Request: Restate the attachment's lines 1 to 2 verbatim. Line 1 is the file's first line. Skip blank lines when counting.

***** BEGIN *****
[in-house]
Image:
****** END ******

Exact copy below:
[in-house]
Image: